ERIC Number: ED113680
Record Type: RIE
Publication Date: 1975
Reference Count: 0
Reflection-Impulsivity (R-I): Value and Limitations for Understanding Cognitive Processes in Children.
Siegel, Alexander W.
The literature on performance differences in various tasks as a function of reflection-impulsivity (R-I) is reviewed in this publication. A series of four experiments is then described which involve the cognitive-perceptual basis of R-I of children on a picture recognition memory task. Results from these studies indicated the following important, but tentative, conclusions about the process of picture recognition memory and the underlying perceptual basis of the R-I dimension in children: reflective and impulsive children differ in their propensity to engage in a detailed visual feature analysis of stimulus arrays; the process of visual feature analysis is perhaps the most important component in the underlying basis of R-I; strong inferential evidence was provided that picture recognition memory is primarily a process of visual feature analysis in which the role of verbal labels is minimal and indirect; recognition memory performance is susceptible to differential instructions which emphasize care versus quickness; recognition memory for pictures appears to increase over the elementary school years; and the Selfridge-Neisser model and the recognition paradigm are useful for future research. It was suggested that future research should be performed in this area. (Author/RB)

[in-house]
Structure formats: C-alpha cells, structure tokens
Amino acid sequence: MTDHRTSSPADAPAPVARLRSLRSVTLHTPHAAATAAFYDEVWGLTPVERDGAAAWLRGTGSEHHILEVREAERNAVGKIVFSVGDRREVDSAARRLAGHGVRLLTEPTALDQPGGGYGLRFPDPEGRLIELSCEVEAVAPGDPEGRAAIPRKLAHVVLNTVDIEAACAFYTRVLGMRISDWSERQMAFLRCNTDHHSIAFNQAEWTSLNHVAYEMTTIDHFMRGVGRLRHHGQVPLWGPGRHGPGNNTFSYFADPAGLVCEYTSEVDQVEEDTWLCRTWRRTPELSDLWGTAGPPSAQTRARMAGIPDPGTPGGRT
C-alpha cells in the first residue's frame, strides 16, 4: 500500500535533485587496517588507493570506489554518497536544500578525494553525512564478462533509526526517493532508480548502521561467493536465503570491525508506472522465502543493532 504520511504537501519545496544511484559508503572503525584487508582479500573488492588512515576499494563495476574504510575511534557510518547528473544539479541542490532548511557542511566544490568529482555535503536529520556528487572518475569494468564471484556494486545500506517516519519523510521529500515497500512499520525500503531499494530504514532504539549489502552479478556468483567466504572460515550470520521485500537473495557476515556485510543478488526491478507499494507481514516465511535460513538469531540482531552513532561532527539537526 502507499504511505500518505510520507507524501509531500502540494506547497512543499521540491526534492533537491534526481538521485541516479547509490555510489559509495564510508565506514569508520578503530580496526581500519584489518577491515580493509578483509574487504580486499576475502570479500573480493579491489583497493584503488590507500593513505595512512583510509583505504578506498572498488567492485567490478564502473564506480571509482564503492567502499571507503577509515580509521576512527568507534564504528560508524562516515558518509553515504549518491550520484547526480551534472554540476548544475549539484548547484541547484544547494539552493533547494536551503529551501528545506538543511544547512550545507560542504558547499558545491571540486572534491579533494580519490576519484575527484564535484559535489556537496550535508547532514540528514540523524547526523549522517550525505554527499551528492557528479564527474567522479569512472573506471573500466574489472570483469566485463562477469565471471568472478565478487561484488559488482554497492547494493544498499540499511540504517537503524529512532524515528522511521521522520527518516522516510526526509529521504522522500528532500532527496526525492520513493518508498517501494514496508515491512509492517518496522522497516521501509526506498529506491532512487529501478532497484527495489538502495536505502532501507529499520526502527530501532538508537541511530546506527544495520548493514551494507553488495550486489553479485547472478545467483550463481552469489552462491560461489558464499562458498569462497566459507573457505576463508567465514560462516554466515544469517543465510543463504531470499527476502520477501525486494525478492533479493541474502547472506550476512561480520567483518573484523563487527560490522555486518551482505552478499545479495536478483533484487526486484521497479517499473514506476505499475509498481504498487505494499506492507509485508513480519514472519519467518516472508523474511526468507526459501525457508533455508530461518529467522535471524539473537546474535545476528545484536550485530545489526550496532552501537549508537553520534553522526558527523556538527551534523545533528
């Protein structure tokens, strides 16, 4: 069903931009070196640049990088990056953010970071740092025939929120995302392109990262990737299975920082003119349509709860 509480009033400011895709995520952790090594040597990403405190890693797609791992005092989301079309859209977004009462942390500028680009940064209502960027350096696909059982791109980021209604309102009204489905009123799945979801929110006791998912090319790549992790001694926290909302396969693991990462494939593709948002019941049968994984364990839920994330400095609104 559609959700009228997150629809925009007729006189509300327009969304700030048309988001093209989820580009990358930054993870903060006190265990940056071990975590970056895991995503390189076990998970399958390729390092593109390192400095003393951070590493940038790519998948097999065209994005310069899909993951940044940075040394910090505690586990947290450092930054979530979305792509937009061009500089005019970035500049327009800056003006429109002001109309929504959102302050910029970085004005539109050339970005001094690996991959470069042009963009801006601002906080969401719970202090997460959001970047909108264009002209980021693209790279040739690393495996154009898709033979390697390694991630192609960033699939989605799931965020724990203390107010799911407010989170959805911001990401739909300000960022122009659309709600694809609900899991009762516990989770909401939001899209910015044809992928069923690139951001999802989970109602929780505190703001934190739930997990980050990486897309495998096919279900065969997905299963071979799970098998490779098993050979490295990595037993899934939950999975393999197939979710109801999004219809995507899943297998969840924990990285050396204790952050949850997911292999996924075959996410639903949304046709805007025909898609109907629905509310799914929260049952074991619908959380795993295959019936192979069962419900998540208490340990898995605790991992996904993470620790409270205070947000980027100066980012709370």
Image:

Publication Type: Reports - Research
Education Level: N/A
Sponsor: National Inst. of Education (DHEW), Washington, DC.
Authoring Institution: Pittsburgh Univ., PA. Learning Research and Development Center.
Note: Not available in hard copy due to marginal legibility of original document due to type size